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    N2 - Background— Increased oxidative stress in chronic heart failure is thought to contribute to endothelial dysfunction. Xanthine oxidase produces oxidative stress and therefore we examined whether allopurinol improved endothelial dysfunction in chronic heart failure. Methods and Results— We performed a randomized, placebo-controlled, double-blind crossover study on 11 patients with New York Heart Association class II-III chronic heart failure, comparing 300 mg allopurinol daily (1 month) versus placebo. Endothelial function was assessed by standard forearm venous occlusion plethysmography with acetylcholine, nitroprusside, and verapamil. Plasma malondialdehyde levels were also compared to assess significant changes in oxidative stress. Allopurinol significantly increased the forearm blood flow response to acetylcholine (percentage change in forearm blood flow [mean±SEM]: 181±19% versus 120±22% allopurinol versus placebo; P=0.003). There were no significant differences in the forearm blood flow changes between the placebo and allopurinol treatment arms with regard to sodium nitroprusside or verapamil. Plasma malondialdehyde was significantly reduced with allopurinol treatment (346±128 nmol/L versus 461±101 nmol/L, allopurinol versus placebo; P=0.03), consistent with reduced oxidative stress with allopurinol therapy. Conclusions— We have shown that allopurinol improves endothelial dysfunction in chronic heart failure. This raises the distinct possibility that allopurinol might reduce cardiovascular events and even improve exercise capacity in chronic heart failure.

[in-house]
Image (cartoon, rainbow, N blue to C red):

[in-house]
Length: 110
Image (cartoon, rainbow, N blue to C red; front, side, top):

AB - Background— Increased oxidative stress in chronic heart failure is thought to contribute to endothelial dysfunction. Xanthine oxidase produces oxidative stress and therefore we examined whether allopurinol improved endothelial dysfunction in chronic heart failure. Methods and Results— We performed a randomized, placebo-controlled, double-blind crossover study on 11 patients with New York Heart Association class II-III chronic heart failure, comparing 300 mg allopurinol daily (1 month) versus placebo. Endothelial function was assessed by standard forearm venous occlusion plethysmography with acetylcholine, nitroprusside, and verapamil. Plasma malondialdehyde levels were also compared to assess significant changes in oxidative stress. Allopurinol significantly increased the forearm blood flow response to acetylcholine (percentage change in forearm blood flow [mean±SEM]: 181±19% versus 120±22% allopurinol versus placebo; P=0.003). There were no significant differences in the forearm blood flow changes between the placebo and allopurinol treatment arms with regard to sodium nitroprusside or verapamil. Plasma malondialdehyde was significantly reduced with allopurinol treatment (346±128 nmol/L versus 461±101 nmol/L, allopurinol versus placebo; P=0.03), consistent with reduced oxidative stress with allopurinol therapy. Conclusions— We have shown that allopurinol improves endothelial dysfunction in chronic heart failure. This raises the distinct possibility that allopurinol might reduce cardiovascular events and even improve exercise capacity in chronic heart failure.